Why Actinic Keratosis Should be Treated

actinic keratosisActinic keratosis has been recognized as a potential precursor to squamous cell skin cancer. Also called solar keratosis, this skin lesion is usually characterized by scaling and crustiness. Usually, if one actinic keratosis develops, it will be surrounded by more over time. Statistics indicate that it is possible for actinic keratoses to resolve on their own. Sometimes, growths disappear and reappear periodically.

Having a persistent or recurring experience with actinic keratosis doesn’t necessarily mean that skin cancer will develop. So why should these growths be treated and how do you know if you have true actinic keratosis?

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How to Spot Actinic Keratosis

A direct result of too much UV light, an actinic keratosis is usually seen on the neck and shoulders, on the face and ears, the forearms and backs of the hands, and even on bald spots. These lesions have been associated with natural sunlight and with exposure to tanning bed lamps. One of the ways to spot an actinic keratosis is to notice the skin’s texture (rough like a wart) and color (pink, dark tan, flesh-toned). Some growths eventually become red are develop redness around affected skin. Usually, patients discover an actinic keratosis through feel rather than sight.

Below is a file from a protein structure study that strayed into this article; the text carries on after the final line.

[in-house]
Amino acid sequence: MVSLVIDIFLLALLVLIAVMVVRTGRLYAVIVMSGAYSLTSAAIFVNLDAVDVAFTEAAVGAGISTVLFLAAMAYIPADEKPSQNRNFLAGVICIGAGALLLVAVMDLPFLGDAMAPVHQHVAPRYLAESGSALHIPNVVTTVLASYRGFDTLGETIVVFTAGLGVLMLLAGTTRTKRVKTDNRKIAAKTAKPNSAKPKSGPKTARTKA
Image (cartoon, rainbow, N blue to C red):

Why a Dermatologist Should Examine Actinic Keratosis

The majority of actinic keratoses found are benign and never transform into skin cancer. However, these growths are an indication of sun damage that could develop into skin cancer (usually squamous cell carcinoma). Experts have suggested that the longer an actinic keratosis persists without treatment, the higher the chance of developing squamous cell or basal cell carcinoma.

A dermatologic exam of an abnormal skin growth is vital to health and wellness. If squamous cell carcinoma is treated early, the prognosis is usually good. Ongoing SCC can lead to deformation and even death in some cases. An actinic keratosis provides us with an opportunity to stop skin cancer before it starts. An examination can differentiate between standard actinic keratosis and actinic cheilitis, a variant of AK. Because actinic cheilitis can be aggressive, early treatment is crucial. This lesion is often found on the lip.

As our awareness about skin cancer continues to increase, medicine develops additional forms of detection and treatment. Stay informed about your skin and skin cancer risks. Schedule a consultation with a board-certified, fellowship-trained dermatologist. Search our database to find an experienced dermatologist near you.

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If you are a dermatologist or pathologist interested in membership with the American Society for Mohs Surgery, call (800) 616-2767 for detailed information.

Posted in: Skin Cancer

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